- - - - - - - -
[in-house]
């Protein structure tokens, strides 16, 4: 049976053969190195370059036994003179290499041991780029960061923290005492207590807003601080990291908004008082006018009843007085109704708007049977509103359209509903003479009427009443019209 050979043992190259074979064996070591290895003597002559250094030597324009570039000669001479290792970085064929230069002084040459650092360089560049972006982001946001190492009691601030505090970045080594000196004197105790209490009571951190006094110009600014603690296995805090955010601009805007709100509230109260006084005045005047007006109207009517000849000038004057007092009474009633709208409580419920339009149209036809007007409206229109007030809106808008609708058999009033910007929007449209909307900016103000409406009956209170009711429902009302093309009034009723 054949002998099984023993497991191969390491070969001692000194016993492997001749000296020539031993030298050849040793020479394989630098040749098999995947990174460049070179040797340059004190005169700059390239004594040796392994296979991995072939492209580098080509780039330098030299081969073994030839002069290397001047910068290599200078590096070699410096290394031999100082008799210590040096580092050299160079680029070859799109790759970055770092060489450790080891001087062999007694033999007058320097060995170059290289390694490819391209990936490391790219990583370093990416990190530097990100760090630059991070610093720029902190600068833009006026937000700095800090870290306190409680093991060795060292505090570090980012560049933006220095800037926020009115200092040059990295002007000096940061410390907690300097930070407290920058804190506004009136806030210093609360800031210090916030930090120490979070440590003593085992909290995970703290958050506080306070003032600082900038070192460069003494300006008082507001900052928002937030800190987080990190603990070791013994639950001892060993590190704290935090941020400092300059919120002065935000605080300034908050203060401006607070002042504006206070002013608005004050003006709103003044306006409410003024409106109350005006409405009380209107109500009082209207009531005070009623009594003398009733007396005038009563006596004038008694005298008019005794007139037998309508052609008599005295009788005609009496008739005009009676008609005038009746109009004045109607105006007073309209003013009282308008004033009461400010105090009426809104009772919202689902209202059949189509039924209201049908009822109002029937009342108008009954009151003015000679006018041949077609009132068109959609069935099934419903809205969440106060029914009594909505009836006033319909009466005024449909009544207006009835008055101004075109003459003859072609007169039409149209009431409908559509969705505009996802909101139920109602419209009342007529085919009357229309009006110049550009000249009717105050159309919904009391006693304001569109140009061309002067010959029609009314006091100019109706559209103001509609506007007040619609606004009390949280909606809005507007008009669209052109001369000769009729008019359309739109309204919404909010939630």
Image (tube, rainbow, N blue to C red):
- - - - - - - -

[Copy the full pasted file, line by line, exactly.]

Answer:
[in-house]
């Protein structure tokens, strides 16, 4: 049976053969190195370059036994003179290499041991780029960061923290005492207590807003601080990291908004008082006018009843007085109704708007049977509103359209509903003479009427009443019209 050979043992190259074979064996070591290895003597002559250094030597324009570039000669001479290792970085064929230069002084040459650092360089560049972006982001946001190492009691601030505090970045080594000196004197105790209490009571951190006094110009600014603690296995805090955010601009805007709100509230109260006084005045005047007006109207009517000849000038004057007092009474009633709208409580419920339009149209036809007007409206229109007030809106808008609708058999009033910007929007449209909307900016103000409406009956209170009711429902009302093309009034009723 054949002998099984023993497991191969390491070969001692000194016993492997001749000296020539031993030298050849040793020479394989630098040749098999995947990174460049070179040797340059004190005169700059390239004594040796392994296979991995072939492209580098080509780039330098030299081969073994030839002069290397001047910068290599200078590096070699410096290394031999100082008799210590040096580092050299160079680029070859799109790759970055770092060489450790080891001087062999007694033999007058320097060995170059290289390694490819391209990936490391790219990583370093990416990190530097990100760090630059991070610093720029902190600068833009006026937000700095800090870290306190409680093991060795060292505090570090980012560049933006220095800037926020009115200092040059990295002007000096940061410390907690300097930070407290920058804190506004009136806030210093609360800031210090916030930090120490979070440590003593085992909290995970703290958050506080306070003032600082900038070192460069003494300006008082507001900052928002937030800190987080990190603990070791013994639950001892060993590190704290935090941020400092300059919120002065935000605080300034908050203060401006607070002042504006206070002013608005004050003006709103003044306006409410003024409106109350005006409405009380209107109500009082209207009531005070009623009594003398009733007396005038009563006596004038008694005298008019005794007139037998309508052609008599005295009788005609009496008739005009009676008609005038009746109009004045109607105006007073309209003013009282308008004033009461400010105090009426809104009772919202689902209202059949189509039924209201049908009822109002029937009342108008009954009151003015000679006018041949077609009132068109959609069935099934419903809205969440106060029914009594909505009836006033319909009466005024449909009544207006009835008055101004075109003459003859072609007169039409149209009431409908559509969705505009996802909101139920109602419209009342007529085919009357229309009006110049550009000249009717105050159309919904009391006693304001569109140009061309002067010959029609009314006091100019109706559209103001509609506007007040619609606004009390949280909606809005507007008009669209052109001369000769009729008019359309739109309204919404909010939630």
Image (tube, rainbow, N blue to C red):